Argos on the run

TERRY KOSHAN, SUN MEDIA

, Last Updated: 10:20 AM ET

If Jamal Robertson can deflect opposing tacklers as much as he has threats to his job at Argonauts training camp, perhaps Toronto's running game will be something for opponents to worry about this season.

A healthy Tyler Ebell and the recently acquired Jarrett Payton have designs on becoming the Argos' No. 1 ball carrier, a role that Robertson had in 2008, but the latter isn't conceding much at training camp.

"He hasn't flinched," Argos coach Bart Andrus said yesterday as the Argos chugged through their fifth day of on-field workouts in Mississauga. "He is right there competing and he has shown every day he is where we thought he would be. He has shown us nothing but professionalism in the way he has approached it, and he has been outstanding so far."

A cynic might point out that the Argos need a new running back no matter what Robertson does in camp. The 32-year-old was seventh in the Canadian Football League last year with 645 yards on the ground, but the Argos want more than the 5.5 yards Robertson averaged with each carry. The departed Dominique Dorsey averaged 6.4 yards, and quarterback Kerry Joseph rushed on average at a 6.3-yard clip.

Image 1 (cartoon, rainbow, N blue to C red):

But the offensive line got a large boost in the signings of Rob Murphy and Dominic Picard, which means that any back should benefit. No matter what, it's clear Robertson is fine with the increased competition.

"I can't do anything but what I can do," said Robertson, who spent the off-season in Atlanta but travelled often to Dayton, Ohio, to visit his 10-year-old son. "I can be Jamal and nobody else. I want to help carry the team to the big games. That's my personal goal."

At 5-foot-10 and 218 pounds, Robertson is about as compact as possible. Ebell's speed has been a revelation, as there have been no signs that he ruptured his left Achilles tendon a year ago. Fellow imports Da'shawn Thomas and Jay Lucas are in the mix, and Payton has been getting his reps.

Canadians Jeff Johnson, Andre Durie and Bryan Crawford have varying levels of experience.

Though Payton played for Andrus with Amsterdam of NFL Europa in 2005, the board is clean.

"I have no preconceived notions," Andrus said. "We cut a defensive back (Cory Peoples) the other day who played for me. When you go off anything other than total, flat-out production (at camp), you start to put together a football team that is flawed.

"I want the two or three most productive backs, whether it is import or non-import."

Andrus will have a clearer idea of how the Argos' run game will unfold after the team's pre-season games, Wednesday at the Rogers Centre when the Montreal Alouettes visit and on June 23 when the Boatmen head down the QEW to face the Tiger-Cats in Hamilton.

"The two pre-season games, when live bullets are flying, is when you find out how much a guys knows and how much he understands," Andrus said. "It will play itself out. It always does."


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